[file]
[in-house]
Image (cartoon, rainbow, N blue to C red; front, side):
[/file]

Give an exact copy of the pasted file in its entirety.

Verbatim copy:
[in-house]
Image (cartoon, rainbow, N blue to C red; front, side):